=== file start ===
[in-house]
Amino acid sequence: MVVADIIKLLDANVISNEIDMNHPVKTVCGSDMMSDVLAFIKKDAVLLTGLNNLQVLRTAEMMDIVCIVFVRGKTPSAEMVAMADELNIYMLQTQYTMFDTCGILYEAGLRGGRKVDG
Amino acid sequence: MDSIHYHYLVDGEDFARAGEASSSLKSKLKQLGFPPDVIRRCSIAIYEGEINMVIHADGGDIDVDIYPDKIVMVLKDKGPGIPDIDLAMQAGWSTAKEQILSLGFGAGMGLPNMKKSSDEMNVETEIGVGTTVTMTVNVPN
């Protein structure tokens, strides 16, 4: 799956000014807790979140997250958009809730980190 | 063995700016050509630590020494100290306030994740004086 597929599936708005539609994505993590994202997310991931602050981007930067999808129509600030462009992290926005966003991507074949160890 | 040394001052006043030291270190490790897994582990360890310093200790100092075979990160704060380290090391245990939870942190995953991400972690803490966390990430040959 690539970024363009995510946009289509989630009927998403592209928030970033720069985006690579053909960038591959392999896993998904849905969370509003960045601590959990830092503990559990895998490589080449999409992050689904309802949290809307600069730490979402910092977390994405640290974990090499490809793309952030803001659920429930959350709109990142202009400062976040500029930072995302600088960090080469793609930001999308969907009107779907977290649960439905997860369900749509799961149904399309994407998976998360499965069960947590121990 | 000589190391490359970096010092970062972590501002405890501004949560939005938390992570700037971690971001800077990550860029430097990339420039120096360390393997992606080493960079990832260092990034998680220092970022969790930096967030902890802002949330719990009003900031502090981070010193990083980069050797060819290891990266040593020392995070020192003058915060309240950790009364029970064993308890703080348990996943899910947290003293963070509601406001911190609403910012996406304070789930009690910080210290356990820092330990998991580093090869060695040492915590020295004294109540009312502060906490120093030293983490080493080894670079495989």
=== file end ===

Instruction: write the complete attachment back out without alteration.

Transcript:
[in-house]
Amino acid sequence: MVVADIIKLLDANVISNEIDMNHPVKTVCGSDMMSDVLAFIKKDAVLLTGLNNLQVLRTAEMMDIVCIVFVRGKTPSAEMVAMADELNIYMLQTQYTMFDTCGILYEAGLRGGRKVDG
Amino acid sequence: MDSIHYHYLVDGEDFARAGEASSSLKSKLKQLGFPPDVIRRCSIAIYEGEINMVIHADGGDIDVDIYPDKIVMVLKDKGPGIPDIDLAMQAGWSTAKEQILSLGFGAGMGLPNMKKSSDEMNVETEIGVGTTVTMTVNVPN
């Protein structure tokens, strides 16, 4: 799956000014807790979140997250958009809730980190 | 063995700016050509630590020494100290306030994740004086 597929599936708005539609994505993590994202997310991931602050981007930067999808129509600030462009992290926005966003991507074949160890 | 040394001052006043030291270190490790897994582990360890310093200790100092075979990160704060380290090391245990939870942190995953991400972690803490966390990430040959 690539970024363009995510946009289509989630009927998403592209928030970033720069985006690579053909960038591959392999896993998904849905969370509003960045601590959990830092503990559990895998490589080449999409992050689904309802949290809307600069730490979402910092977390994405640290974990090499490809793309952030803001659920429930959350709109990142202009400062976040500029930072995302600088960090080469793609930001999308969907009107779907977290649960439905997860369900749509799961149904399309994407998976998360499965069960947590121990 | 000589190391490359970096010092970062972590501002405890501004949560939005938390992570700037971690971001800077990550860029430097990339420039120096360390393997992606080493960079990832260092990034998680220092970022969790930096967030902890802002949330719990009003900031502090981070010193990083980069050797060819290891990266040593020392995070020192003058915060309240950790009364029970064993308890703080348990996943899910947290003293963070509601406001911190609403910012996406304070789930009690910080210290356990820092330990998991580093090869060695040492915590020295004294109540009312502060906490120093030293983490080493080894670079495989």